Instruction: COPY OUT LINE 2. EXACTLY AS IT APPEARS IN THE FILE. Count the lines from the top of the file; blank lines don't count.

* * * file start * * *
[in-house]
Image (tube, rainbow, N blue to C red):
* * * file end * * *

Image (tube, rainbow, N blue to C red):